Friday, May 5th, 2017
3:00PM – 4:15PM
Advanced Materials Design, Diagnosis and Operando Characterization for Enabling High Energy Long Life Rechargeable Batteries
Y. Shirley Meng, Ph.D.
Sustainable Power and Energy Center, Laboratory for Energy Storage & Conversion, University of California San Diego, USA
Bio: r. Y. Shirley Meng received her Ph.D. in Advance Materials for Micro & Nano Systems from the Singapore-MIT Alliance in 2005, after which she worked as a postdoc research fellow and became a research scientist at MIT. Shirley is currently the Professor of NanoEngineering, University of California San Diego (UCSD). Dr. Meng’s research focuses on the direct integration of experimental techniques with first principles computation modeling for developing new intercalation compounds for electrochemical energy storage. She is the founding Director of Sustainable Power and Energy Center (SPEC), consisting faculty members from interdisciplinary fields, who all focus on making breakthroughs in distributed energy generation, storage and the accompanying integration-management systems. She is the principle investigator of the research group - Laboratory for Energy Storage and Conversion (LESC). Dr. Meng received several prestigious awards, including C.W. Tobias Young Investigator Award of the Electrochemical Society, BASF Volkswagen Electrochemistry Science Award, Frontier of Innovation Award and NSF CAREER Award. Dr. Meng is the author and co-author of more than 120 peer-reviewed journal articles, 1 book chapter and two patents.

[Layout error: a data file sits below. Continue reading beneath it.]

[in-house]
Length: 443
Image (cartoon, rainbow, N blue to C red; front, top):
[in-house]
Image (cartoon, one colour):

Abstract: High energy long life rechargeable batteries is considered as key enabling technology for deep decarbonization. Advanced materials characterization tools are essential for scientists and engineers to understand operation and degradation mechanisms in materials for energy storage, in order to propose solutions and strategies for improvement. Scanning electron microscopy and electron energy loss spectroscopy (STEM/EELS) offers unprecedented spatial resolution, which has enabled nanoscale imaging and chemical analysis of battery materials - their surfaces, grain boundaries and phase boundaries. Combining the state-of-the-art in situ operando analytical electron microscopy with first principles (FP) computational data analysis, we reveal some insights that could not be possible to see in the past. On the other hand coherent x-ray diffraction imaging (CXDI), a lensless form of microscopy capable of discerning electron density and strain with 10 nm resolution, can be used to map the strain evolution of a single cathode particle in a functional battery as it is cycled in-situ. The evolution of compressive/tensile strain reveals a number of interesting phenomena, related closely to the electrochemical performance of the materials. By combining electron based and X-ray based novel imaging techniques, I hope to showcase the state-of-the-art diagnostic tools developed for probing and understanding functional materials in operando.